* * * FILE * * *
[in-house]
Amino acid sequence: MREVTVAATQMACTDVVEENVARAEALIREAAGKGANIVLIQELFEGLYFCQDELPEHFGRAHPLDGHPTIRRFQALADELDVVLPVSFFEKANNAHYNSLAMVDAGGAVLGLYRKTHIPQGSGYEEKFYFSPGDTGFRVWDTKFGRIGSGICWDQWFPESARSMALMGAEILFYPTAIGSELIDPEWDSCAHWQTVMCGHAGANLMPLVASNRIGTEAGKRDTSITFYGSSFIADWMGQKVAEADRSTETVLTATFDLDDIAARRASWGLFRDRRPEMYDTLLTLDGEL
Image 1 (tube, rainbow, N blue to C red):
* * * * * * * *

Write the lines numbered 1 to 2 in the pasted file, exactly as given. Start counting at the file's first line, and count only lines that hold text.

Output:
[in-house]
Amino acid sequence: MREVTVAATQMACTDVVEENVARAEALIREAAGKGANIVLIQELFEGLYFCQDELPEHFGRAHPLDGHPTIRRFQALADELDVVLPVSFFEKANNAHYNSLAMVDAGGAVLGLYRKTHIPQGSGYEEKFYFSPGDTGFRVWDTKFGRIGSGICWDQWFPESARSMALMGAEILFYPTAIGSELIDPEWDSCAHWQTVMCGHAGANLMPLVASNRIGTEAGKRDTSITFYGSSFIADWMGQKVAEADRSTETVLTATFDLDDIAARRASWGLFRDRRPEMYDTLLTLDGEL